Intra-Household Coping Mechanisms in Hard Times : the Added Worker Effect in the 2001 Argentine Economic Crisis
This paper shows that the added worker effect (AWE) plays an important role in coping against aggregate shocks, even in cases where the discouragement effect prevails at a macroeconomic scale. Using an Argentine panel dataset between 2000-2002, we instrument the endogenous variation in the labor market outcomes of household heads using the collapse of the Convertibility era as a natural experiment, and measure its causal impact on their spouses' labor supply decisions. Within this framework, we show that a woman whose husband experiences the average decline in income is 4.4 percentage points more likely to enter the labor market. Out of four new entrants, three work at least one hour weekly, and one even finds a full time job. Heterogeneous effects are in line with expectations, robustness checks support the validity of our empirical strategy, and our results are robust to various sensitivity tests.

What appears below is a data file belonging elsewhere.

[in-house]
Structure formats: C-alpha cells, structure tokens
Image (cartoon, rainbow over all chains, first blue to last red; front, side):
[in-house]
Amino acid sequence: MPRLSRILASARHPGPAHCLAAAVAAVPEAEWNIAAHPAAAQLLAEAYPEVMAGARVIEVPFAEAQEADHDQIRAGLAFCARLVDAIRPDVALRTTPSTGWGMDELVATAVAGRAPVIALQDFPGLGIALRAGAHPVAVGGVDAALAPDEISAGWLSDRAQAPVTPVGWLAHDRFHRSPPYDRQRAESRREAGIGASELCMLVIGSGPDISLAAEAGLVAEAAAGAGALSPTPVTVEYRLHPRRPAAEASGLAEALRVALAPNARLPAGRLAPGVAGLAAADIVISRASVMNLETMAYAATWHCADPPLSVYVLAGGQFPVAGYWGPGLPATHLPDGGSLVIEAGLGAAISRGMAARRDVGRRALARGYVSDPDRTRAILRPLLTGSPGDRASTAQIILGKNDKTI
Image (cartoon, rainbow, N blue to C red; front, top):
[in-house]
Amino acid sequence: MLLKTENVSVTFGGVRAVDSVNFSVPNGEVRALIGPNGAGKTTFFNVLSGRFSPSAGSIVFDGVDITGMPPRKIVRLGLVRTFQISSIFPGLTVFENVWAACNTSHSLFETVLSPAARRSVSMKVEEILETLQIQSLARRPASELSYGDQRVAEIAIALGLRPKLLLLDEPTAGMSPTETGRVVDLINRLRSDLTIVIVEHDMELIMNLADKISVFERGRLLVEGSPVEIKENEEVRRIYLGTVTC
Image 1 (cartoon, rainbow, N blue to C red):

|Date of creation:||2015|
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